Optimizing PPC budgets driving through a windshield

When reviewing your web site design performance, part of the challenge with evaluating your search marketing performance is analyzing where traffic is coming from to see the results it is producing. With the economy forcing budgets into downward spirals, you need to minimize your PPC spend and maximize revenues from the clicks that come in. When optimizing your PPC ads for maximum performance, sometimes you have to pretend you are driving a car and looking through the windshield of the car in front of you. What this means is that instead of focusing purely on high click through rates so that you have a strong CTR with Google, you may need to focus on your actual conversion rates (this means the people that click through who also fill out a form to take an action on your site). If your conversions are HIGH, then you can be confident your click throughs will be fine too. Remember, without conversions you won’t have any money to pay for more clicks. So focus on the scoreboard, not your rushing yardage.

An optimal way to make a meaningful impact conversion rates is to use the ad copy – though it is just a few words basically – to let the customer know before they click, what they should expect to see on the other side. Tease them, reveal a few things, but don’t pull off a surprise effect which leaves them stumbling and looking for that exit sign. Bottom line is to deliver the message even before they reach your site.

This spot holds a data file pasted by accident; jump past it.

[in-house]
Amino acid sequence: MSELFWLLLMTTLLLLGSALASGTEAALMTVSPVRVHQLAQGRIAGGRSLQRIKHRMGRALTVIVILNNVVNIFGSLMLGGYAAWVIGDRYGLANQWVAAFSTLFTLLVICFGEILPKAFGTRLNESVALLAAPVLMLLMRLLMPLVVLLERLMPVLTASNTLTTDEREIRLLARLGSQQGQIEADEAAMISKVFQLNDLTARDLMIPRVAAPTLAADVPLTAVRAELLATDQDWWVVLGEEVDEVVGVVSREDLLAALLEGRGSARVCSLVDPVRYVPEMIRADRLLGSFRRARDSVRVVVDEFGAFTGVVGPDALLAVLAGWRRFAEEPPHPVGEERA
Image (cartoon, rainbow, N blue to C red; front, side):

What choices are in your arsenal of delivering pre-expectation ad copy? Price, Urgency and Value.

With regards to price – ie. discounts – you will likely have more clicks (thus increasing your CTR) but your conversions are at risk if the clickers are not yet in purchase mode. It sucks to pay search engines for research oriented clicks. So what you can do is to focus instead of terminology that is more closely related to a prospect who is in PURCHASING mode.

The simplest method is to create urgency by using time or number of openings available.
– One example is a sale date. For example, “Sale Ends Nov. 1st, Order now. use code #1234x”
– Another example is to use competition in the form of “10 left at this price. sale ends today. Free Shipping!”

How to reduce your traffic budget for Pay per click or PPC

It used to be that clicks could be purchased for pennies per click. Even with the insanely high fraud rates of 30-40%, it still was worth it to buy as much traffic as you could afford. In the last few years, the costs have skyrocketed. And as more people become web savvy, the competition for those elusive top sponsored ads, becomes even more acute and thus the prices go up another notch.

When I began helping other clients develop their own 4 Pillar Internet Success strategies, I used to focus mostly on search engines. The traffic from them was basically free and therefore it made a lot of sense on how to dominate on free search engines. The funny thing is that as their rankings increased their traffic increased but their conversions did not move in sync. And the reason that made the most sense was the PPC ads on the top and right of Google for example. The heat map studies show that 7x as many people click on the free search engine rankings results as people who click on the ads.